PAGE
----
Napoleon’s Campaign In Poland 1806-1807 (ePub)
From Stalemate to Victory: The Battles of Eylau, Heilsberg and Friedland
After Napoleon’s humiliation of Prussia, on the battlefield at Jena, the French Emperor turned his attention to subduing his Russian foe and marched into Poland in the winter of 1806. Six months later, the Russians had been beaten and brought to the peace table and Napoleon was at the height of his powers.
In his detailed study of this remarkable episode of Napoleonic history, F. Loraine Petre follows every move of the campaign. He assesses the defeat of Prussia, analyses the strengths and weaknesses of both Napoleon’s army and that of his Russian opponents, details the bloody battle of Eylau and describes Napoleon’s crushing victory over the Russians at Friedland.
F. Loraine Petre’s campaign studies are renowned for their scope, detail and clarity, and Napoleon's Campaign in Poland, is a brilliant overview of Napoleon’s vaunted army confronting some of its most worthy opponents at a time when Napoleon dominated Europe.
This work details all aspects and phases of Napoleon’s defeat of Russian forcesProtoview
in Poland. It gives background on events leading to the campaign against
Russia and provides details on the leaders and provisions of the French and
Russian armies. The book describes the physical environment, climate, and
weather during the period, then chronicles the various campaigns. B&w
historical illustrations and maps are included. The book was first published
in 1901 by Sampson Low; it was the first of author Petre’s five studies on the
Napoleonic period to be published. It was later published in a revised edition
in 1907, 1989, and 2001. This reprint is complete and unabridged from the
Greenhill Books edition of 2001.
After Napoleon’s humiliation of Prussia at Jena, he turned his attention to subduing his Russian foe and, in the winter of 1806, marched into Poland. Six months later the Russians had been beaten and forced to seek peace terms – Napoleon was at the height of his powers. First published in 1901, then in 1907, 1989 and 2001 and now again in 2016, this classic study follows the Polish campaign in some detail. The author looks at the defeat of Prussia, analyses the strengths and weaknesses on both the French and Russian armies, describes the inconclusive battle of Eylau (7/8 February 1807) as well as Napoleon’s decisive victory over the Russian forces at Freidland (14 June 1807).Stuart Asquith, Author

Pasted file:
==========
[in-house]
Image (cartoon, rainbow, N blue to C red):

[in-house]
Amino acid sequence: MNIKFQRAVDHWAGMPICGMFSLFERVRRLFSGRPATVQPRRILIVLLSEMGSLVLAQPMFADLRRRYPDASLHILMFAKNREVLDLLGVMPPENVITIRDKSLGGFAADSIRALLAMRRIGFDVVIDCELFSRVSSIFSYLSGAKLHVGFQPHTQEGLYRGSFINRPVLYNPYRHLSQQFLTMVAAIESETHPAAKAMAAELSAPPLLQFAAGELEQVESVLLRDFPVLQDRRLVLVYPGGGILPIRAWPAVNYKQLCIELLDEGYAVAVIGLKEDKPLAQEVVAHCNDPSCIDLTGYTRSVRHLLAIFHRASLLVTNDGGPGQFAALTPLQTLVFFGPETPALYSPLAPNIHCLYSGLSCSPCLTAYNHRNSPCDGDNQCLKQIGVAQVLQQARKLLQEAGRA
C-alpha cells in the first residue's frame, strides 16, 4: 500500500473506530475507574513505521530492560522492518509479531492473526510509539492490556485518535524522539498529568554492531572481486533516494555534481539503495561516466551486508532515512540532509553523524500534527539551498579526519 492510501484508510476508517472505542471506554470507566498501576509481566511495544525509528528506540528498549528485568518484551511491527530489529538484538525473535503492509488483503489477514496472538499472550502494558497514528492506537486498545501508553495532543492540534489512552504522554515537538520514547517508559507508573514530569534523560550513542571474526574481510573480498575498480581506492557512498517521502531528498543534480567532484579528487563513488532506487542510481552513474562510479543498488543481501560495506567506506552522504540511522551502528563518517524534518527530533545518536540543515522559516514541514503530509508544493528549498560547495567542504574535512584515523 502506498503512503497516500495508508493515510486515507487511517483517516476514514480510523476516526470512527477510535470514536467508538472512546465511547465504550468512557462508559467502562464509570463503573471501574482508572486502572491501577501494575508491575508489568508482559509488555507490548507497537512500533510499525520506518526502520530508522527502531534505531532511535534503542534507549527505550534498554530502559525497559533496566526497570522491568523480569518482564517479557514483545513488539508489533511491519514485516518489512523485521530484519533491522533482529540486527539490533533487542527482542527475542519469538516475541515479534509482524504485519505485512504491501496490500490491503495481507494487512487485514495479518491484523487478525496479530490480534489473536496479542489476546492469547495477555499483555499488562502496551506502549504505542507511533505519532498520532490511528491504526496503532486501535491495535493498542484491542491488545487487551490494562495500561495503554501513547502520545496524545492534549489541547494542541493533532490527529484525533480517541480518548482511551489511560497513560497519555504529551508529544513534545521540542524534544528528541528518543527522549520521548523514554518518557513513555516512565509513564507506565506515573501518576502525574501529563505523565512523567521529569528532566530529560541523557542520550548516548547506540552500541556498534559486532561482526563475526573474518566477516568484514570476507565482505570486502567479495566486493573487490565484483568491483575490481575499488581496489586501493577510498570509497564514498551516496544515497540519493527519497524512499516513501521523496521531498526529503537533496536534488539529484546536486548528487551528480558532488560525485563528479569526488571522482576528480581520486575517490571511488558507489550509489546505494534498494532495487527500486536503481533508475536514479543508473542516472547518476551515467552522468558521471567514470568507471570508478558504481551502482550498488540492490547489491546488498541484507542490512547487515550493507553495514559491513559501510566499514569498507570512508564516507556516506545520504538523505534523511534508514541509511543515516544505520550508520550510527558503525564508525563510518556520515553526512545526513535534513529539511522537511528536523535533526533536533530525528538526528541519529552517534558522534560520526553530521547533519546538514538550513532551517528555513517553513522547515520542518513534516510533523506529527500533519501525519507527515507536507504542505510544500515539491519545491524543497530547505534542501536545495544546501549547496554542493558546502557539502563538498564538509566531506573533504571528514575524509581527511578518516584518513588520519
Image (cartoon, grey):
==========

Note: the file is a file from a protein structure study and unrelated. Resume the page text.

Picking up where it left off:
Following an introduction by David Chandler, there is a preface, a list of works and documents consulted and referred to in the footnotes before the extensive text begins. There are 10 illustrations and six maps and the whole is rounded off by an index. F. Loraine Petre is often viewed as a writer of ‘classic’ works on the Napoleonic Wars and this title supports that claim. Whilst enjoying a long publishing history, this new edition from Pen & Sword is a direct reprint of the 2001 edition which featured a new introduction by David Chandler. Another excellent title being made available once more.
This is the latest printing of a well-known and widely published author whose scholarship and easy writing style is still going strong 100 years after he wrote. The Pen and Sword hardback book is an elegant and well produced edition. In summary, this is an excellent book, beautifully produced, and of interest to both the general reader and the expert Napoleonic 'buff' alike. It is most strongly recommended.Miniature Wargames with Battlegames - Martin Pike
8th February 1807
1st battle Napoleon isn't victorious